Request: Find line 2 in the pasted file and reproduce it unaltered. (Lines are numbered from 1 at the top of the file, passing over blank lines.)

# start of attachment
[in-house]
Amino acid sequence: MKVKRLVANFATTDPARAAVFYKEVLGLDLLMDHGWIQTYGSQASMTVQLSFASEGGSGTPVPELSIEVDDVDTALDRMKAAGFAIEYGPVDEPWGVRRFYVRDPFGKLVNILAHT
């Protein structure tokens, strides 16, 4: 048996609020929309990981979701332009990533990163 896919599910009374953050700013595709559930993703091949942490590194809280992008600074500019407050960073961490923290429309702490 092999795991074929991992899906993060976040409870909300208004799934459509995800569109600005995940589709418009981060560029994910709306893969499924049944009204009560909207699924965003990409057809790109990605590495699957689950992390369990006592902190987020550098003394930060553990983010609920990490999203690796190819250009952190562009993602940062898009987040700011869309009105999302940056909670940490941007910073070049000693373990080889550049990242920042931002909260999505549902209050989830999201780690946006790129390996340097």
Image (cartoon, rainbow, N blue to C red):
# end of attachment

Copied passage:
Amino acid sequence: MKVKRLVANFATTDPARAAVFYKEVLGLDLLMDHGWIQTYGSQASMTVQLSFASEGGSGTPVPELSIEVDDVDTALDRMKAAGFAIEYGPVDEPWGVRRFYVRDPFGKLVNILAHT